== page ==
Review: THE DETECTION CLUB: PART 1 by Jean Harambat

The Detection Club: Part 1 by Jean Harambat

This is one of the most inspired scenarios for a comic that I’ve seen in a while. What if all the great mystery writers of the 193os formed a club–and had amazing adventures? That is exactly what is happening in this totally cool new graphic novel series, The Detection Club, script and art by Jean Harambat, published by Europe Comics. We’re talking about the golden age for mystery writers including G. K. Chesterton, Agatha Christie, John Dickson Carr, and Dorothy L. Sayers. This is from the same brilliant talent who created the spy thriller series graphic novels, Operation Copperhead. If you like crisp and witty humor, then this is for you. And, yes, this book is in English. That’s an essential component of Europe Comics, your home for comics from Europe, translated into English.

The Detection Club page excerpt

First off, you need to know that there really was a Detection Club and it must have been something! Just imagine all of these world-class writers meeting on a regular basis, helping each other out with their craft, and even writing books together under the name of the club itself! I don’t think I was aware of this and, if I was, I’d forgotten. So many years and beers ago, you know. But now I’m fully aware of this fact thanks to this wonderful graphic novel series. So, that is the basis in reality for this series but Harambat takes it much further and places a select bunch of our writer heroes in quite a madcap adventure involving a crime-solving robot who may or may not have just committed murder! So, lots of fun for all ages, even for much older kids at heart such as myself.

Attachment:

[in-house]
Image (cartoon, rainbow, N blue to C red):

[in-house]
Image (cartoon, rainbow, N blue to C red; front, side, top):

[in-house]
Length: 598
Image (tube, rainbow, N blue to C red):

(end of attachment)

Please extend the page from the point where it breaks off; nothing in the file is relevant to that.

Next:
Panel excerpt: Our main characters all in row.

I really like to showcase panel art. There are so many reasons to do this. The main reason is to simply get a closer look! This makes sense, just as you would focus on a particular passage in any novel. It gives us a moment to savor the process. What is key about Harambat is that he loves to draw. This is quite evident in the above example. Too many young aspiring cartoonists believe that any scrawl that they produce is priceless. That wrongheaded thinking is much too ingrained in the indie comics community. Yes, there is a place for spontaneity and a loose and sketchy style can be quite legitimate. But look at the dazzling results you get from rigorous  care in the pursuit of refined essentials. Everything reads as very crisp and clear! You want that kind of clarity!

The Detection Club page excerpt

Harambat is an auteur cartoonist who truly loves to write and draw economically. It is a very functional approach that makes it easier to tackle such an ambitious project that involves characters with formidable back-stories. We’re talking about some of the greatest popular writers of all time–either intimately known by readers or at least recognized to some degree. There are expectations already in place. Many readers coming to this graphic novel already have some notion as to who Agatha Christie was and expect someone unusual and clever–and will expect the same from her contemporaries. Any reader attracted to this book is already curious about the world of mystery and crime fiction and related matters. Harambat is there to deliver on all counts: he fills in the blanks, connects the dots, and thoroughly entertains. All the characters are drawn in a direct and clear way, easy to keep track of, easy to relate with. Then you bring in the villain, an eccentric billionaire living on some secluded tropical island with a huge robot at the center of a murder mystery. Bingo! What a premise to kick off this series!

The Detection Club: Part 1 is an 86-page book, available in digital format on various platforms. For more details, visit Europe Comics, your home for all European comics, all digital, all in English.

4 Comments

Filed under Comics, Europe Comics, European Comics, Graphic Novel Reviews

4 responses to “Review: THE DETECTION CLUB: PART 1 by Jean Harambat

  1. Sorry I’ve been away so long, Henry, but you haven’t lost your touch.
    Well done, indeed.

  2. I would love to read this!

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